Noy Thrupkaew

Noy Thrupkaew is a Prospect senior correspondent.

Recent Articles

Everybody Watch Chris

There is no way to ignore Chris Rock -- irate man-boy, the voice a squall of gleeful outrage, the eyes bugging out in disbelief. He's so put-upon, and so happily so, that he just has to share all of it: Can you believe this? Unlike comics who try to draw audiences into their private worlds, Rock drags us outside to look at all the freaky, nasty behavior going on right there in the open. Garden-variety stupidity, bloated egos at the Oscars, the desperate illogic of crack addicts, the shopping mall the white people go to and the one they don't -- all of it the subject of Rock's hyperthyroidic delivery, that madman shout. Eyebrows pumping, he makes people co-conspirators in mocking themselves; if people didn't laugh so hard at hearing their follies punctured with such naughty accuracy, he'd probably get punched in the face. Rock has transferred his ripping commentary to his new show, Everybody Hates Chris , which airs Thursdays at 8 p.m. on UPN. A quasi-account of his life as a teenager...

Bored Of War

Andrew Niccols' latest film rolls out the carpet for its supposed antihero, illegal arms dealer Yuri Orlov (played by Nicolas Cage). When Yuri first appears onscreen, he's standing on countless glistening bullets, so many of them that they gleam like a sumptuous, golden rug. He's a true Lord of War , the image says, a dirty prince who has made his fortune by peddling death. Niccols underscores that point by following the path of one of Yuri's bullets as it slowly wends its way from a case in eastern Europe to the muzzle of a gun fired in a street shoot-out in Africa to -- zingingly fast and thrilling now, arching over the dirt streets and through a tattered house -- bang , the forehead of a nameless young African boy. As its opening attests, Niccols' film traffics in stylishly violent images -- a somewhat awkward conundrum, as the director is trying to deplore the careless, capitalist cult of violence, the dehumanizing nature of gunrunning itself, as Niccols and a few of his cast made...

Theme-Park Strangers

The scene is picture perfect: a magical pinkish twilight, a gentle hill, the fairy spire of the Eiffel Tower rising in the distance. Then an old Chinese man -- bedraggled, stooped under a huge basket of trash -- steps into the frame, transforming the scene into the exquisite inverse of a classical Chinese landscape painting. Instead of showing natural elements -- trees, mountains, streams, abundant space -- creating a harmonious realm for miniscule human figures, director Jia Zhangke has flipped the proportions, revealed the human cost at the core of an ersatz ideal. The scene, which appears early on in the Chinese director's fourth feature film, tells us that The World Jia is depicting will foreground what its creators might wish to disguise: the suffering that lies under a facade of gleaming perfection. The setting of the film is a real-life theme park in Beijing where visitors can “see the world without ever leaving Beijing.” World Park recreates numerous international sites and...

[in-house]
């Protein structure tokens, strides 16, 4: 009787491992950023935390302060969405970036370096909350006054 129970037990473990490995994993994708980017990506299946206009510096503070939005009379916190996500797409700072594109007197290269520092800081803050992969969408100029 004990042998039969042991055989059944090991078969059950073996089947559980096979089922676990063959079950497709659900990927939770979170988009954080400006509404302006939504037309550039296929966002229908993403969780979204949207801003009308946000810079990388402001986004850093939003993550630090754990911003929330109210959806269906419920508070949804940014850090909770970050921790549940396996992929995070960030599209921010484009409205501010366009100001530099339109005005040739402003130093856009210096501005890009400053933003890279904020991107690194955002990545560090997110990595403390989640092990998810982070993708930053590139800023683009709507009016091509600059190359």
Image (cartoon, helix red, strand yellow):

Strange Beasts

The director and I are pattering away in a bizarre mélange of Thai and English, often within the same sentence. “Thai films can really have a sang son quality, that textbook preachiness, sometimes,” director Apichatpong Weerasethakul muses. “I didn't feel like papayon should be like that.” The linguistic switch-hitting is apt, considering Weerasethakul has a penchant for rupturing boundaries in his films -- between documentary and filmic fiction in his first feature ( Mysterious Object at Noon ), and between politics and sexual escapism in his second ( Blissfully Yours ). His latest venture, Tropical Malady , opens with a tender romance between two men, before plunging into a mythic tale of a soldier hunting a shaman-turned-tiger. Trained at the Art Institute of Chicago, Weerasethakul extends his uniquely hybrid identity even to his name (he often goes by Joe). Raised on the horror films that would reach his then-rural town of Khon Kaen, Weerasethakul would grow up to be a fan of...

Moving, But Not Spirited

Criticizing the latest Hayao Miyazaki movie feels evil, like passing up cupcakes made by children to sup on puppies. Miyazaki is, after all, the grand master of animation, gifted with an unparalleled and deeply humanistic imagination, the creator of rapturous worlds and complex heroines that Walt Disney could only dream of. So why the grumbles? Perhaps because Miyazaki's idiosyncratic genius has become a bit too untethered from this world. Howl's Moving Castle , his latest, has the trademark Miyazaki strengths -- the fascinating young-girl protagonist, a weirdly wonderful visual sensibility, and a few scenes of such beauty that a viewer feels choked with unshed tears. But the film also displays Miyazaki's tendency -- more pronounced in his more recent films -- to meander, to dawdle, to flutter about like an infuriating, quixotic butterfly. Wha? I found myself thinking while watching this latest offering. Who is that? Why is this happening? Maybe I'm just getting too old. Adapted from...

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